First, I will note here that the steady drumbeat of bad news for Obamacare has continued apace. In fact, this drumbeat has grown more and more insistent. This week, the federal government released figures showing that plans to be offered over federally-run exchanges starting November will be dramatically more expensive compared with last year — by an average of 25%. While previous announcements of price rises have typically been one state at the time, this announcement covers dozens of states, proving that the problems that first came to light in North Carolina and Minnesota are not idiosyncratic, but typical of the system. This time, the failure is widespread enough to be undeniable and noticed nationally; the hand-wringing and political gloating over this has finally spilled onto the national stage. The full weight of these price increases will be blunted for some consumers, as government subsidies rise to help defray premium inflation, but that’s just robbing Peter to pay Paul — and with public debt and the federal deficit at historic highs. The system is not working as promised.
Continue reading “Obamacare Fail in Full Flower; Better Way Possible”
Minnesota the latest domino to fall
Nearly two months ago, on August 16, I published an essay remarking on the commencement of the Obamacare death spiral: Premiums for individual policies purchased over the much-vaunted online exchanges have increased rapidly; healthy customers are staying away (because the penalties associated with ignoring the individual mandate are rather light) and health insurance companies are dropping out of the game, having lost plenty of money pursuing this market. I forecast that we were no more than a few years away from full collapse of those exchanges.
In that essay I mentioned North Carolina as an example of the trend, as news reports at the time contained plenty of detail concerning the failures of Obamacare in that state; Aetna had also just announced a major nationwide abandonment of Obamacare policies which hit North Carolina fairly hard. While economically illiterate Obama administration sycophants tried to dismiss Aetna’s move as corporate posturing in the face of an antitrust challenge (Aetna was then trying to merge with Humana), casting the withdrawal as a case of evil white male business executives using the health coverage of poor widows and orphans as a “bargaining chip,” those of us with brains realized that this actually represented cold, hard business reality: Obamacare was a bust.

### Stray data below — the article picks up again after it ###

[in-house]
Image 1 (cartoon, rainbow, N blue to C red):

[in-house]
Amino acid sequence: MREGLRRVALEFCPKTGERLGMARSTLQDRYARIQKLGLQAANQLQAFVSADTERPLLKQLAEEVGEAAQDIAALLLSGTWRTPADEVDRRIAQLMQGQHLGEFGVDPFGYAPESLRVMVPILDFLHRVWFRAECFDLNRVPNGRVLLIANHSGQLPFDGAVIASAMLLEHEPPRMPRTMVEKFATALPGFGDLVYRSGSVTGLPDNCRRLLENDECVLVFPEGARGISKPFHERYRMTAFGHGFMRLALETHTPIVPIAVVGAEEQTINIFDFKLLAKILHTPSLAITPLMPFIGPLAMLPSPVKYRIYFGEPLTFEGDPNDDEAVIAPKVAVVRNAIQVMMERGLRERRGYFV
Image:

I asserted that further evidence of the Obamacare death spiral would slowly emerge, as each state went through its regulatory rate-setting exercise for the coming year, but that these things make for bad drama as they unfold too slowly for low-attention-span newspaper editors to follow. More evidence has recently emerged proving me right, so allow me a moment of gloating.
Continue reading “Obamacare Fail Continues”
Cost curve bends upwards; death spiral ensues
Seven years is a long time in politics. So I’ll forgive you, dear reader, if you don’t remember the heady days of 2009, when — in the face of a major banking crisis, economic recession and job losses — our brave President thought it best to spend his time and efforts reforming our health insurance markets. Because reasons, as the young people say these days. Or: Never let a good crisis go to waste, as Hizzoner Rahm Emmanuel is supposed to have said. (Speaking of which — how’s the skyrocketing murder rate crisis working out for you in Chicago this year, Mr. Mayor? Taking the opportunity to reform the water and sewer board? Rewriting the municipal parking regulations?)
At first, one of the key selling points of health insurance reform was the idea that health care costs in America were very high, relative to other First World countries, and had been growing strongly year after year. People believed that market reforms could increase efficiency, cut costs and save money. This may or may not have been true: The French may on average spend far less on health care per person and have slightly better life expectancies than Americans, but then the French traditionally haven’t had to deal with the trouble and expense of patching up perforated inner city “youths” on a wholesale basis, for example. It ain’t cheap. The point being, there may be good reasons why Americans need to spend more than the French. Still, given the crazy-quilt patchwork of the American healthcare delivery and payment systems, it seemed more than plausible that there was money to be saved; it still seems plausible. Some of the old-timers here might remember this being summed up as “bending the cost curve” to increase efficiency and affordability.
All this, of course, was a lie.
Continue reading “Obamacare Fail”